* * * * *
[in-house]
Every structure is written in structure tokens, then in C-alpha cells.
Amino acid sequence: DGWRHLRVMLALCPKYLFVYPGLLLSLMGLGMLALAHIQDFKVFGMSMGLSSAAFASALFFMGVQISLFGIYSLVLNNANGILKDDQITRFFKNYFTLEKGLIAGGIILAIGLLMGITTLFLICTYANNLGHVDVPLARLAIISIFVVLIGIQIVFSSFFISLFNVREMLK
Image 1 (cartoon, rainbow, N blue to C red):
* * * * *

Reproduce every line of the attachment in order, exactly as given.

[in-house]
Every structure is written in structure tokens, then in C-alpha cells.
Amino acid sequence: DGWRHLRVMLALCPKYLFVYPGLLLSLMGLGMLALAHIQDFKVFGMSMGLSSAAFASALFFMGVQISLFGIYSLVLNNANGILKDDQITRFFKNYFTLEKGLIAGGIILAIGLLMGITTLFLICTYANNLGHVDVPLARLAIISIFVVLIGIQIVFSSFFISLFNVREMLK
Image 1 (cartoon, rainbow, N blue to C red):